Can you crank a new song out pretty fast, or do you spend a lot of time working on them?

It depends. If it takes you ages to write it, then it’s probably going to be shit. If you write it and it writes itself in ten, twenty minutes, then it’s going to be fine and it’s going to last long; it’s going to have a slow burn. And that’s generally what I’m looking for. I’m very much about trying to find melody that I’ve not heard before. The lyrics are a secondary thing for me. Not secondary as in it’s not important, but it’s the melody that comes first. If you write a good enough melody, then it’s almost like a magnet that attracts certain phrases or certain words towards it. And then the next stage is the easy part, which is like doing a medium-difficulty crossword from The Guardian. You’ve just got to fill in blanks and it writes itself. So finishing it, the key words can only come when you’ve got enough melody. And then it happens very fast.

You recently shot a video for “Buttercup.” Is it true that you got a bunch of ex-girlfriends to be in it?

No, not literally my ex-girlfriends. Basically, I’m confronted by all my ex-girlfriends, but they’re not actual ex-girlfriends (laughs). It’s almost like a ghost of Christmas past thing. There are a couple little kids in there that are supposed to be like my first hug, my first crush, my first kiss, and it’s really cool, a really great idea.

That sounds awesome. I thought you went really high-concept there and got everybody together.

All my exes, no. It’s good, though, because I kind of got a nice selection of people to come. None of them were actors, just people that we knew, all different ages, all different types of girls. I think it’s going to be great.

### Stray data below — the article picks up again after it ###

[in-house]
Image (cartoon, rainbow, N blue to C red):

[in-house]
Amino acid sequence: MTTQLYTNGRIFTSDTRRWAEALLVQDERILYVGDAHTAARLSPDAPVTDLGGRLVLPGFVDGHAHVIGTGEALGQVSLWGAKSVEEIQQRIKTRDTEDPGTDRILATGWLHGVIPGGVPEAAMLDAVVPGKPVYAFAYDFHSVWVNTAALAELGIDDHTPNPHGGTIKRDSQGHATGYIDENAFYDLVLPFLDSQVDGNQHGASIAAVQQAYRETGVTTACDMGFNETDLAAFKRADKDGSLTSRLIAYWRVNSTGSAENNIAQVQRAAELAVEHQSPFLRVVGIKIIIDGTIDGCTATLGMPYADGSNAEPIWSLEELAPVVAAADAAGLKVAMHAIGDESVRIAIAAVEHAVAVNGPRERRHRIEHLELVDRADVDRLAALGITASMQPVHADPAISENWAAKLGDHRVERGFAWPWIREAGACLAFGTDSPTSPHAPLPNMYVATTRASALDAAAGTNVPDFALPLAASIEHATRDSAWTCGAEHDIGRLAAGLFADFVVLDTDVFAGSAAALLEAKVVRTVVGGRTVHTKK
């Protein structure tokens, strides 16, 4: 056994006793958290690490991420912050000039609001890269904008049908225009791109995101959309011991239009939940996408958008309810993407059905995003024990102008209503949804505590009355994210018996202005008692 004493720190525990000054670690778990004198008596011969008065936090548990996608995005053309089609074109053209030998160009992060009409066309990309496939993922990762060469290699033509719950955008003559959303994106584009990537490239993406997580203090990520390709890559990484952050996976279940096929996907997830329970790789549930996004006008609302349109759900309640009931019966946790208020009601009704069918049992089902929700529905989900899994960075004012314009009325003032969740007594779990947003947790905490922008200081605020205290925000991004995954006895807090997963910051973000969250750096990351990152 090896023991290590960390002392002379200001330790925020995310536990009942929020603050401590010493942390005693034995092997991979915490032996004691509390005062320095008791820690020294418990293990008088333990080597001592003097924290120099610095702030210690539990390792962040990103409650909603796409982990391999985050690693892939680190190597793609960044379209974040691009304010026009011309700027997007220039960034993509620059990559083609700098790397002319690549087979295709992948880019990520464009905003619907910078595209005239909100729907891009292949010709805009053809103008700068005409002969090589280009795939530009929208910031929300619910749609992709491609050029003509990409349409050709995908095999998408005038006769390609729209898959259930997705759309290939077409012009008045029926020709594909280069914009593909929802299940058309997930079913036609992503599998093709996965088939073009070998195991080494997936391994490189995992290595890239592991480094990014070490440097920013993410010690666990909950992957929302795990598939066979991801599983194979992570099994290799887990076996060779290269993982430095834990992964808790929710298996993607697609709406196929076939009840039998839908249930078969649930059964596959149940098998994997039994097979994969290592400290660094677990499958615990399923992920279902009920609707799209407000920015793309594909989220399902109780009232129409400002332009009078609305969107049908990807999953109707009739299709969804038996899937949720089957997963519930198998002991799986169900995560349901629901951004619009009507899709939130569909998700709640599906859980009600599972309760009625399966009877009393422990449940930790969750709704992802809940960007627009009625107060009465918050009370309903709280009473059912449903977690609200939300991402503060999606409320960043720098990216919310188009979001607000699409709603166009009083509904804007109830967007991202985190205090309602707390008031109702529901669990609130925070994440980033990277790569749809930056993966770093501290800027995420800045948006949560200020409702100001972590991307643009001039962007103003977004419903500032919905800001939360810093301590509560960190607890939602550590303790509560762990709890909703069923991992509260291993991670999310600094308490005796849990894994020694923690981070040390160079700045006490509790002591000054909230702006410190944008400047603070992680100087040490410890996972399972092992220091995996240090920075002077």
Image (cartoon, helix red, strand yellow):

Do you enjoy playing solo acoustic on tour?

Yeah. The songs that I can play acoustically, they stand up really, really well just by themselves, and I haven’t really had that opportunity before. So I’m bringing some of the old songs I’ve written for Travis and mixing them with new songs. I’ve already played about six shows, the best one of which was in Vancouver, when we played in the Vogue Theatre. Everyone was very quiet. I opened the show and thought, I’ll just stand at the end of the stage and just sing the song without any amplification. And then, during the opening song, in my brain, I was thinking, “I could do this whole show off mic.” And I’m thinking, “Oh, should I do this? It’s quite a commitment, cause it’s like a 90 or a 110 minute-long show, and would people be able to take that for such a long time?” And in the end I thought, I’ll do the second song stripped as well, and I thought, I can do the whole gig like this. It was one of the best gigs I’ve ever done, cause people, for the first time, can actually hear the lyrics, you can hear the fades.

I think amplification can sometimes get in the way of you actually hearing someone on stage, because it’s too loud. The sound’s coming out of the speakers, and the sound of that person onstage is not equal. It’s a thick, giant sound coming out of the speakers, and there’s a tiny little person standing there. The old theatres are built for unamplified performance, so I went for it, and people just loved it. So I’m going to try to do that again a few times in the next couple of months. I’m enjoying not having a band at the moment. It’s nice to be by myself, because I’ve been in a band for fourteen years, and it’s so nice to have a change of pace.

One of your most famous songs is “Why Does It Always Rain On Me.” When it actually rains on you, do you sing that song in your head?

Yes (laughs). With expletives in there.